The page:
Dead greyhounds aren’t the only skeletons in Racing Queensland’s closet.
The state government says the body is responsible for failing to stop the disappearances and killing of thousands of dogs and turning a blind eye to the practice of live baiting.
But Premier Annastacia Palaszczuk has revealed Racing Queensland’s crisis is deeper – it’s also grappling with “shocking” amounts of debt.
KPMG administrator Ian Hall found the body’s losses will likely top $11 million this financial year and its draft budget shows it’s anticipating a loss of $21 million in 2015/16.
“This is shocking news and it has been uncovered within just a day of Mr Hall taking the reigns of this organisation,” Ms Palaszczuk told parliament on Wednesday.
The premier said the debt revelations justify the government’s decision to sack all four boards overseeing racing in the state, including the harness and thoroughbred racing boards.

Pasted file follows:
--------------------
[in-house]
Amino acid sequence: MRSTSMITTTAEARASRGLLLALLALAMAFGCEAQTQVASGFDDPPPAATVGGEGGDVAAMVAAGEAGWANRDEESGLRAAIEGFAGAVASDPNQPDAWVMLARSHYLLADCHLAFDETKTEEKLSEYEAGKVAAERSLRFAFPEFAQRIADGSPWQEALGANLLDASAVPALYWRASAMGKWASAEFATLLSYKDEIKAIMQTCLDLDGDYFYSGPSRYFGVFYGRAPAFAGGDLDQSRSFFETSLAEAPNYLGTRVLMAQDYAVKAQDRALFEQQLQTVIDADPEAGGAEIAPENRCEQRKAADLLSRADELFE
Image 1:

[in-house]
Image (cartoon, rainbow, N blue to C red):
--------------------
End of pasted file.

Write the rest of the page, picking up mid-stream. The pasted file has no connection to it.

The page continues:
“I stand by my government’s decision to provide the CEO of Racing Queensland (Darren Condon) with a show cause notice and giving him five days to respond,” Ms Palaszczuk said.
“I stand by my government’s decision to abolish the boards of all racing codes in Queensland.
“I am determined that this important industry will go forward with a clean slate.”
Ms Palaszczuk has also announced former Supreme Court and Court of Appeal judge John Muir had been appointed as chair of the new all codes board set up to oversee greyhound, harness and thoroughbred racing.
But Brisbane Turf Club Director Peter Bredhauer has warned the government to put politics aside during the restructuring process.
“If it doesn’t (appoint Labor associates) it’ll be the first time it hasn’t,” said Mr Bredhauer, who recognised the Liberal National Party was guilty of the same thing.
“I don’t know why it is but the political landscape in Queensland, every time we have a change of government, for some reason the racing industry has to suffer and they have to have a complete change of direction.”
The state government has insisted appointments made during the overhaul won’t be political.